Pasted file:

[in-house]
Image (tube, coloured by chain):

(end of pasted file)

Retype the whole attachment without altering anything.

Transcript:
[in-house]
Image (tube, coloured by chain):